Steamboat Springs The May 29 journey of four Reno, Nev., men to Denver in a single-engine plane for a hockey game ended in the frigid waters of a remote lake in northwestern Colorado, authorities have now confirmed.
On Monday, authorities continued recovery efforts of a Piper Cherokee PA-28 found in Marvine Lake in the White River National Forest Saturday night.
According to information from the National Transportation Safety Board, the blue and white plane with the victims inside was not expected to be raised out of the water on Monday.
The plane was carrying Richard "Dan" Filippe, Ross Jones and brothers Jon and Mark Peters. The men were on their way to Jefferson County Airport in Denver. They were planning to attend Game 2 of the Stanley Cup finals.
The plane departed from Reno at about 7 a.m. and stopped in Meeker to refuel. An 11-day search for the plane concluded Saturday night.
The plane was found about 7:30 p.m. in 46 feet of water in the middle of the lake.
As of Monday evening, "multiple victims" were found in the plane, but none has been identified.
To search for the plane in the water, a high-elevation dive team from Summit County went to the lake, which is 30 miles east of Meeker. Authorities also used an underwater camera to search for the plane in the murky, mossy water.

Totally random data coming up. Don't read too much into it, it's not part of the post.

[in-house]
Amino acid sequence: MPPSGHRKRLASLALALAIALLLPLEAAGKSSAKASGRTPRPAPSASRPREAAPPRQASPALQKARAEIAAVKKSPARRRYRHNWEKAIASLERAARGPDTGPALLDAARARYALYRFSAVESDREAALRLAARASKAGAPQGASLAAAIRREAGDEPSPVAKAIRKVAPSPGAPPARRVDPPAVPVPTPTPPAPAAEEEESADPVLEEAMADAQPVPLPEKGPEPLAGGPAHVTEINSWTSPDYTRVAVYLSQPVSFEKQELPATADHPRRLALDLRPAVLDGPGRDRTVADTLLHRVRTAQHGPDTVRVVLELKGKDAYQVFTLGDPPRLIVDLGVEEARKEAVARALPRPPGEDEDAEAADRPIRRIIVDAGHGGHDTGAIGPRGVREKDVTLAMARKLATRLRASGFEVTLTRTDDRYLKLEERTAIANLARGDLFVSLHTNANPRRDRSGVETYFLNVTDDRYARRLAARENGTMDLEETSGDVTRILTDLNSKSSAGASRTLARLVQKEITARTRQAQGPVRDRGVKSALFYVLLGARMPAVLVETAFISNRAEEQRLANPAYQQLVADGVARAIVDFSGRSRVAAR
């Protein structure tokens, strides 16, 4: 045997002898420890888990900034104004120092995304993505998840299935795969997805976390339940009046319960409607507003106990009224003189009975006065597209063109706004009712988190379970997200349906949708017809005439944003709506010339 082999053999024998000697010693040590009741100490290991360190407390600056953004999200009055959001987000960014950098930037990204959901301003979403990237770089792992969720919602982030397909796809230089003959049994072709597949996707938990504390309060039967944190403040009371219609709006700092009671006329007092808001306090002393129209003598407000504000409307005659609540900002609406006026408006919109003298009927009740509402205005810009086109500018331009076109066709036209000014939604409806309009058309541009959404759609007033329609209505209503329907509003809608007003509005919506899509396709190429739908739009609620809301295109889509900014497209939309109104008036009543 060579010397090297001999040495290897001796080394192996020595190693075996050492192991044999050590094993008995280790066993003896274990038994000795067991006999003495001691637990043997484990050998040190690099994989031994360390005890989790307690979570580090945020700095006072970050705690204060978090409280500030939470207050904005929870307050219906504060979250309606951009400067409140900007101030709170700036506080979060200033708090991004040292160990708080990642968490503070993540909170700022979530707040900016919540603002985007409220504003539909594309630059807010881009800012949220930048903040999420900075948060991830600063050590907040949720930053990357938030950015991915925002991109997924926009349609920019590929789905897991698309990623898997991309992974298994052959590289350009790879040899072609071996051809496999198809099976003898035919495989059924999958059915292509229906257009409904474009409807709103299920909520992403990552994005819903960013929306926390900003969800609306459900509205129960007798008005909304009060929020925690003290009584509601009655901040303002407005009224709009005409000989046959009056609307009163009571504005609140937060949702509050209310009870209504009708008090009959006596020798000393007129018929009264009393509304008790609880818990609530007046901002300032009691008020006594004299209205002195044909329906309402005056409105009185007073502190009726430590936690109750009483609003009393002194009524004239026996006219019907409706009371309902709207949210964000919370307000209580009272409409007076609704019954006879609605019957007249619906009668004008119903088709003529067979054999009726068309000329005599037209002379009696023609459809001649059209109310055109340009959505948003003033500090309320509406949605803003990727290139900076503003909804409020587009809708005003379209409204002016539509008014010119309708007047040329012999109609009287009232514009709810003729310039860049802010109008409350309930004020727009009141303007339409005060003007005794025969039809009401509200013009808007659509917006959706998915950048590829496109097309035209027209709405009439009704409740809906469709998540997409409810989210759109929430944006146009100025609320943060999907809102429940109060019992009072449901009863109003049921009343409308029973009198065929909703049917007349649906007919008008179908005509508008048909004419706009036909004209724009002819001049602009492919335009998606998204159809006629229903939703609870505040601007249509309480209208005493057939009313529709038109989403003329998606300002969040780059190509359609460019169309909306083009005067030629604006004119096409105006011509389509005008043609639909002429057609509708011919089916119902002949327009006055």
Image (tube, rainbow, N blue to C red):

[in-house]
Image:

Authorities converged on the lake June 5 after a fisherman found debris in the lake a day earlier. The lake is at an elevation of about 9,300 feet in the Flat Tops Wilderness Area.
The search of the lake was in its fifth day when the plane was discovered.
Authorities focused on the lake when they confirmed a wheel fender found in the water belonged to the plane. A T-shirt found in the water also was identified by a family member as belonging to the men.
The search and recovery of the aircraft and the men is a joint effort between the Rio Blanco Sheriff's Office, the NTSB, U.S. Forest Service, Army National Guard and Federal Aviation Administration.
The Colorado Civil Air Patrol conducted a six-day search between May 30 and June 4. It suspended its search when it was notified of the fisherman's discovery.
Jones and the Peters brothers worked as bartenders at Lucke's Saloon in Reno. Filippe was a close friend who was piloting the plane.